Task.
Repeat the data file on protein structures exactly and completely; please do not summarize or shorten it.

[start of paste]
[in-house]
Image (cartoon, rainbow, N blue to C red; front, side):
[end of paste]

[in-house]
Image (cartoon, rainbow, N blue to C red; front, side):